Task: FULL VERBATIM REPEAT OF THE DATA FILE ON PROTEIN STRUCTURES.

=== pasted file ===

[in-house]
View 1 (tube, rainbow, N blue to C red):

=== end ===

[in-house]
View 1 (tube, rainbow, N blue to C red):